$\displaystyle{ Z(x,y)=s-\frac{s}{r}\sqrt{x^2+y^2} }$

Per the SVG 1.1 specification the surface normal is defined by using a Sobel filter, however, as this is a reasonable approximation of a directional derivative we use the derivative instead. Specifically, taking the right scale factors into account, the surface normal is defined as:

\displaystyle{ \begin{align} N'_x(x,y)&=-2 \frac{\partial}{\partial x}Z(x,y) \\&=\frac{2sx}{r\sqrt{x^2+y^2}} \\N'_y(x,y)&=\frac{2sy}{r\sqrt{x^2+y^2}} \\N'_z(x,y)&=1 \\N(x,y)&=\frac{N'}{\|N\|} \end{align} }

Assuming a distant (white) light source with a zero azimuth and a diffuse lighting constant of one, the intensity of the resulting image can now be computed as:

\displaystyle{ \begin{align} D(x,y)&=N(x,y)\cdot L(e) \\&=\frac{1}{\|N'(x,y)\|}\left(\frac{2sx}{r\sqrt{x^2+y^2}}\cos(e)+\sin(e)\right) \\&=\frac{1}{\sqrt{4s^2+r^2}\sqrt{x^2+y^2}}\left(2sx\cos(e)+r\sqrt{x^2+y^2}\sin(e)\right) \end{align} }

To get a nice gradient we can now demand that $\displaystyle{ D(x,0) }$ is zero for negative $\displaystyle{ x }$ and one for positive $\displaystyle{ x }$ and solve for $\displaystyle{ s }$ and $\displaystyle{ e }$:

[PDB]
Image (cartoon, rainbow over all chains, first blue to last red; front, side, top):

\displaystyle{ \begin{align} D(x,0)&=\frac{1}{\sqrt{4s^2+r^2}|x|}\left(2sx\cos(e)+r|x|\sin(e)\right) \\&=\frac{1}{\sqrt{4s^2+r^2}}\left(2s\mbox{sign}(x)\cos(e)+r\sin(e)\right) \\D(x_-,0)&=0 \\0&=\frac{1}{\sqrt{4s^2+r^2}}\left(-2s\cos(e)+r\sin(e)\right) \\2s\cos(e)&=r\sin(e) \\\frac{\sin(e)}{\cos{e}}&=\frac{2s}{r} \\e&=\arctan(\frac{2s}{r}) \\D(x_+,0)&=1 \\1&=\frac{1}{\sqrt{4s^2+r^2}}\left(2s\cos(e)+r\sin(e)\right) \\\sqrt{4s^2+r^2}&=2r\sin(e) \\\sqrt{4s^2+r^2}&=\frac{4rs}{r\sqrt{\frac{4s^2}{r^2}+1}} \\\sqrt{4s^2+r^2}&=\frac{4rs}{\sqrt{\frac{4s^2}+r^2}} \\4s^2+r^2&=4rs \\4s^2-4rs+r^2&=0 \\(2s-r)^2&=0 \\s&=\frac{1}{2}r \\e&=\arctan(1) \\&=\frac{1}{4}\pi \end{align} }